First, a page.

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Costs and consequences of using average demand to plan baseline nurse staffing levels: a computer simulation study
  1. Christina Saville1,
  2. Thomas Monks2,3,
  3. Peter Griffiths1,3,
  4. Jane Elisabeth Ball1,4
  1. 1 School of Health Sciences, University of Southampton, Southampton, Hampshire, UK
  2. 2 University of Exeter Medical School, University of Exeter, Exeter, Devon, UK
  3. 3 NIHR CLAHRC Wessex, University of Southampton, Southampton, Hampshire, UK
  4. 4 Karolinska Institutet, Stockholm, Sweden
  1. Correspondence to Dr Christina Saville, School of Health Sciences, University of Southampton, Southampton SO17 1BJ, UK; C.E.Saville{at}


Background Planning numbers of nursing staff allocated to each hospital ward (the ‘staffing establishment’) is challenging because both demand for and supply of staff vary. Having low numbers of registered nurses working on a shift is associated with worse quality of care and adverse patient outcomes, including higher risk of patient safety incidents. Most nurse staffing tools recommend setting staffing levels at the average needed but modelling studies suggest that this may not lead to optimal levels.

Objective Using computer simulation to estimate the costs and understaffing/overstaffing rates delivered/caused by different approaches to setting staffing establishments.

Methods We used patient and roster data from 81 inpatient wards in four English hospital Trusts to develop a simulation of nurse staffing. Outcome measures were understaffed/overstaffed patient shifts and the cost per patient-day. We compared staffing establishments based on average demand with higher and lower baseline levels, using an evidence-based tool to assess daily demand and to guide flexible staff redeployments and temporary staffing hires to make up any shortfalls.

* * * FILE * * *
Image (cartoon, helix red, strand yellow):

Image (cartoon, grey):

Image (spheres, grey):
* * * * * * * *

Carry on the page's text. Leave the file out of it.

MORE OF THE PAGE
Results When baseline staffing was set to meet the average demand, 32% of patient shifts were understaffed by more than 15% after redeployment and hiring from a limited pool of temporary staff. Higher baseline staffing reduced understaffing rates to 21% of patient shifts. Flexible staffing reduced both overstaffing and understaffing but when used with low staffing establishments, the risk of critical understaffing was high, unless temporary staff were unlimited, which was associated with high costs.

Conclusion While it is common practice to base staffing establishments on average demand, our results suggest that this may lead to more understaffing than setting establishments at higher levels. Flexible staffing, while an important adjunct to the baseline staffing, was most effective at avoiding understaffing when high numbers of permanent staff were employed. Low staffing establishments with flexible staffing saved money because shifts were unfilled rather than due to efficiencies. Thus, employing low numbers of permanent staff (and relying on temporary staff and redeployments) risks quality of care and patient safety.

  • simulation
  • nurses
  • health policy
  • health services research
  • decision analysis

This is an open access article distributed in accordance with the Creative Commons Attribution 4.0 Unported (CC BY 4.0) license, which permits others to copy, redistribute, remix, transform and build upon this work for any purpose, provided the original work is properly cited, a link to the licence is given, and indication of whether changes were made. See:

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  • Funding This report presents independent research funded by the UK’s National Institute for Health Research (NIHR) Health Services and Delivery Research Programme (award number 14/194/21).

  • Disclaimer The views and opinions expressed in this publication are those of the authors and do not necessarily reflect those of the NHS, the NIHR, NETSCC, the PHR programme or the Department of Health and Social Care.

  • Competing interests PG is a member of the National Health Service Improvement (NHSI) safe staffing faculty steering group. The safe staffing faculty programme is intended to ensure that knowledge of the Safer Nursing Care Tool (SNCT), its development and its operational application is consistently applied across the NHS.

  • Patient consent for publication Not required.

  • Provenance and peer review Not commissioned; externally peer reviewed.

  • Data availability statement This paper draws on research and data to be reported in more detail in the NIHR Journals Library Health Services and Delivery Research. The data for this paper consist of anonymous ward and hospital parameters and simulation results. All data requests should be submitted to the corresponding author for consideration ( Access to available anonymised data may be granted following review. The simulation model and accompanying documentation are also available from the corresponding author on reasonable request. AnyLogic simulation software can be downloaded from

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